ARIZONA KEY TRANSPORTATION FACTS 

THE HIDDEN COSTS OF DEFICIENT ROADS

Driving on Arizona roads that are deteriorated, congested and that lack some desirable safety features costs Arizona drivers a total of $9.6 billion each year. TRIP has calculated the cost to the average motorist in the state’s largest urban areas in the form of additional vehicle operating costs (VOC) as a result of driving on rough roads, the cost of lost time and wasted fuel due to congestion, and the financial cost of traffic crashes. The chart below details the cost of deficient roads statewide and for the average driver in the state’s largest urban areas. 

ARIZONA ROADS PROVIDE A ROUGH RIDE

Due to inadequate state and local funding, 44 percent of major roads and highways in Arizona are in poor or mediocre condition. Driving on rough roads costs the average Arizona driver $576 annually in additional vehicle operating costs – a total of $3 billion statewide.  The chart below details pavement conditions on major roads in the state’s largest urban areas and statewide.

ARIZONA VEHICLE TRAVEL AND CONGESTION INCREASING

In 2018, the state’s transportation system carried 66.1 billion annual vehicle miles of travel (VMT), a 34 percent increase since 2000, and the sixth highest rate of vehicle travel growth in the nation during that time.  Congested roads choke commuting and commerce and cost Arizona drivers $4.5 billion each year in the form of lost time and wasted fuel. In the most congested urban areas, drivers lose up to $1,089 and as many as 62 hours per year sitting in congestion.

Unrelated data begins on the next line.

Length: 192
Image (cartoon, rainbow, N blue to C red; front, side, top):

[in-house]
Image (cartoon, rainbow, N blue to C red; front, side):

ARIZONA TRAFFIC SAFETY AND FATALITIES

From 2014 to 2018, the number of annual traffic fatalities in Arizona increased by 31 percent from 770 to 1,010.  A total of 4,635 people were killed in traffic crashes in Arizona during that period. In 2018, Arizona had 1.53 traffic fatalities for every 100 million miles traveled, the fourth highest in the U.S. and significantly higher than the national average of 1.13. The fatality rate on Arizona’s non-interstate rural roads is significantly higher than on all other roads in the state (2.36 fatalities per 100 million vehicle miles of travel vs 1.39) – the fifth highest rate nationally.  

Traffic crashes imposed a total of $6.4 billion in economic costs in Arizona in 2018 and traffic crashes in which a lack of adequate roadway safety features were likely a contributing factor imposed $2.1 billion in economic costs.  The chart below details the average number of people killed in traffic crashes in the state’s largest urban areas between 2014 and 2018, and the cost of traffic crashes per driver. 

ARIZONA BRIDGE CONDITIONS

Two percent of Arizona’s bridges are rated in poor/structurally deficient condition. Bridges that are rated poor/structurally deficient have significant deterioration of the bridge deck, supports or other major components. Thirty-seven percent of the state’s bridges are rated in fair condition and the remaining 61 percent are in good condition. The chart below details bridge conditions statewide and in the state’s largest urban areas.

ARIZONA TRANSPORTATION FUNDING

The ability of revenue from Arizona’s motor fuel tax – a critical source of state transportation funds – to keep pace with the state’s future transportation needs is likely to erode as a result of increasing vehicle fuel efficiency and the increasing use of electric vehicles. The average fuel efficiency of U.S. passenger vehicles increased from 20 miles per gallon in 2010 to 24.5 miles per gallon in 2020.  Average fuel efficiency is expected to increase another 31 percent by 2030, to 32 miles per gallon, and increase 51 percent by 2040, to 37 miles per gallon. The share of electric vehicles of total passenger vehicle sales in the U.S. is expected to increase to five percent by 2023 and to 60 percent by 2040, by which time they will represent approximately 30 percent of the passenger vehicle fleet.